This post was published this morning at my other blog, lightfordarktimes.com, but I am also publishing it here at Unholy Charade because I would really like all of you to see it. If you haven’t followed LFDT’s yet, please go there and sign on to follow. This post is the first in a series which will become a book and…well, here it is and I explain what this series is for – [I will just publish this first post in the series here at Unholy Charade. The rest will appear each Friday at LFDT’s] –
I have the outline of a new book sitting here on my desk, which I never seem to have time to get started on. So I thought what I would do is write it here with a weekly installment, and have you all provide your observations and comments and thereby…help me write the book!
Here is the central theme scripture the book title is drawn from and which is really a statement of the purpose of the book:
2 Timothy 3:1-5 ESV But understand this, that in the last days there will come times of difficulty. (2) For people will be lovers of self, lovers of money, proud, arrogant, abusive, disobedient to their parents, ungrateful, unholy, (3) heartless, unappeasable, slanderous, without self-control, brutal, not loving good, (4) treacherous, reckless, swollen with conceit, lovers of pleasure rather than lovers of God, (5) having the appearance of godliness, but denying its power. Avoid such people.
Most all of the wicked people I have had to deal with as a pastor, in the church, were this very kind of person. They had the appearance of godliness, but they denied its power. Let’s see if we can think through what this means.
Paul told Timothy, and us, that the “last days,” that is, the church age in which we live, will be difficult times. Difficult for whom? For people like Timothy. For genuine Christians. For people who really have been born again. The times will not be so difficult for the worldling, but for the godly it is going to be a struggle.
Because of evil. Because of evil people. Because of people like this:
- Lovers of self
- Lovers of money
- Proud and arrogant
- Disobedient to parents
- Without self-control
- Not loving good
- Swollen with conceit
- Lovers of pleasure rather than lovers of God
We could spend a lot of time, with considerable profit, going through that list one by one and thinking about how those particular evil qualities work themselves out all around us. Those of you who have experienced domestic violence will recognize your abuser in many, if not all, of these traits.
But what I want to focus on in this study is that last “punch line” characteristic that I believe Paul is saying is the most evil of all – having the appearance of godliness, but denying its power. Let’s just think about that description a bit.
What does it mean to “have the appearance of godliness”? Well, it means to be a counterfeit. It describes a person who in fact walks in the evils in the preceeding list but who wears a disguise of godliness. Who puts on a mask – and a very convincing one – of being someone who knows God. A wolf in wool if you will. Someone who claims to be a Christian and who appears, outwardly, to be a Christian.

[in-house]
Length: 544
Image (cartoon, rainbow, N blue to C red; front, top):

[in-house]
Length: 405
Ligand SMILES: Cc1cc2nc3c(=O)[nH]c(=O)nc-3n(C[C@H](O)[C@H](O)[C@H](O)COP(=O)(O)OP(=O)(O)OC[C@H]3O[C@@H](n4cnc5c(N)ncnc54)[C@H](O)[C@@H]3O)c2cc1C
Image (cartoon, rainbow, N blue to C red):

But it is just an “appearance.” And as they say, appearances can be deceptive. What appears to be, often is not. I like to put it this way – Not all Christians are.
What this also tells us is that the most dangerous kind of enemy we face is this kind – the kind who wears this “godliness” mask. The man or woman who is just the finest church member, the eminently “holy” one, the pillar of the church. That kind of person who expends constant energy “keeping up apprearances,” deceiving and being deceived. They are most dangerous because they are the most deceptive. They work to get next to us. To gain our trust. And all the while they are working behind the scenes to destroy Christ’s true people, His true church, and His ministry. That diabolical list of evils Paul gives us here, in other words, are not practiced openly and plainly by these kind of creeps. Most people would be shocked and offended if you ever tried to reveal to them just who these wicked ones really are. (Note: I use the term “creeps” because Jude warns us that they “creep in among us.”) An appearance of godliness, you see.
In the next installment in this series, I want to talk more about what a denial of the power of godliness is. That is what these people do and it is what they are. By their life and their words, they deny something that is apparently central to what Paul calls “godliness.” What does this mean? We need to find out.
Finally, by way of further introducing this series, let me tell you about how I plan to go about it. After making some initial observations about our central theme – an appearance of godliness – I want to actually flesh this subject out by introducing you one by one to “case studies in evil.” That is to say, I want to write descriptions of this kind of counterfeit in the church who you can expect to meet.
I know this, because I have met them.